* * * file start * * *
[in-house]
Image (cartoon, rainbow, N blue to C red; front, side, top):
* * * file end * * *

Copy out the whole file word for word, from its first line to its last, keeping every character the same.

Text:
[in-house]
Image (cartoon, rainbow, N blue to C red; front, side, top):